James Cook University to launch probe into dugong trade
JAMES Cook University researchers have received $170,468 in government funding to find out how much dugong meat is being illegally harvested in the Torres Strait and the reasons behind it.
The three-year project, to be carried out by scientists Natalie Stoeckl and Helene Marsh, will also investigate the best way to control a sustainable catch of the endangered animals.
Torres Strait Islanders and green groups, however, believe the money could be put to better use in supporting indigenous rangers to prevent the illegal take of the sea mammals.
Dugong numbers are on the decline along Queensland's east coast, the victims of boat strikes, being caught in fishing nets and declining water quality.
There are larger numbers of the animals north of Cooktown. However, a thriving black market trade in dugong meat has suggested the Torres Strait dugong population is over-harvested.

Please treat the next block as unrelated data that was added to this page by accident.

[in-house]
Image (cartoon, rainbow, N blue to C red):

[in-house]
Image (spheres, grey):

The researchers, in their project outline, claim 86 per cent of Islanders live on mainland Australia and there is evidence the export of dugong meat to the diaspora is substantial.
There is little known about the practice and ways to manage it sustainably.
Torres Shire Council Mayor Pedro Stephen said the funding for the project, provided by the Department of Sustainability, Environment, Water, Population and Communities, could be better spent at a grassroots level, such as monitoring the illegal catch of dugong and sea turtle.
"I'm actually not a great supporter of collecting data just for the sake of collecting data and nothing's happening on the ground," he said.
He said he wasn't aware if the illegal take of the animals was rife in the region.
WWF Australia has welcomed the new JCU research project although a spokesman said there should be more federal support for indigenous rangers to carry out the monitoring required to stop the illegal harvest of dugongs.